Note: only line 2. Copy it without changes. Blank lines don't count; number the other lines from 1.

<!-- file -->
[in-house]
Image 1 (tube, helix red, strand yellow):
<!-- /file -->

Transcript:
Image 1 (tube, helix red, strand yellow):